• Dealing with the Eurozone Crisis... Another Way? As we go to press, the Greek electorate – after two years of drastic austerity measures – has voted clearly against the cuts, the bailout and the political mainstream. Chaos in the eurozone seems one step closer. So we take this opportunity to outline how just one of the proposals from this book can be applied now, in Greece, Spain or any other country facing this kind of crisis. It’s a solution that mainstream financiers and media avoid discussing, but it’s elegant and simple. It would work, and the necessary (Open Source) software is available now. Current monetary orthodoxy says that 100% of the Greek (or any other) economy must be either ‘in’ or ‘out’ of the eurozone. Everybody knows that either option will entail even higher unemployment and yet more misery. But it doesn’t have to be that way! The core principle of complementary currencies, as set out here, is that they run alongside the main currency, increasing resilience and flexibility for the entire socio-economic system.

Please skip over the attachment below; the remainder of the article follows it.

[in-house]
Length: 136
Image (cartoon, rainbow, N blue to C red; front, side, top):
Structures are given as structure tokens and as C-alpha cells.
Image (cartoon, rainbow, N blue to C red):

• Here’s our systemic solution in a nutshell:
  • Greece continues to use the euro for all international business: tourism, shipping, exports and imports, etc. Taxes are levied in euros on profits made in these activities, and used to service the country’s national debt.
  • In addition, any Greek city/region wanting to participate can issue its own local currency (generically called ‘Civics’ in the case study in chapter VIII). Civics are used to pay for important local, social and environmental programs. In our example, 1 Civic is issued to anyone who completes 1 hour of approved service to the community. Projects for which Civics are paid should be decided democratically and locally.